“I’m sure there is a way to get some real data on this Mary, but honestly I’m not sure how to do that. I guess it’s more of a hunch that there must be a way. What do you suggest we do?”
“I’m glad you asked, John, because there is a way. I know a process that generally provides some actionable data, but you’ve got to commit to the process itself for some time or it won’t work.”
[Mary pauses . . . lets the idea sink into John’s mind . . . she is interested whether he is open to hearing this, even though she has said it’s not necessarily a quick and easy fix because if he is, that will reveal something to her about his commitment and character]
John looks at Mary, chooses his words carefully and says, “If you know of a process that could get us truly actionable data I’d love to learn about it, but . . . what I’d really like would be if you’d help my team learn it and implement it.”
“I tell you what,” Mary concludes, “I’d be willing to coach your team to learn how to implement the process and then let you have a try. We can follow up in thirty days and see what you’ve learned. Sound good?”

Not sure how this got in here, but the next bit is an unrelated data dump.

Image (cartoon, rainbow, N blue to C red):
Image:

“That sounds fantastic Mary, when can we start?”
John just hit a grand slam with Mary, because not only has he treated her question seriously, but he’s asked for her input and her direct help in implementing her suggestions. By accepting, she is already agreeing to get involved with John’s company – she hasn’t yet committed money, but she’s committing time, expertise and skills that will help answer her own question – one she has personally identified as critical to success. And, should she get data she likes, she may have colleagues that would invest with her because she’s gotten involved herself.
So do I have your trust that the way to build trust is to reveal your flaws and admit when you don’t know the answer to something an investor asks, to value the question and to engage with the investor by asking for their help?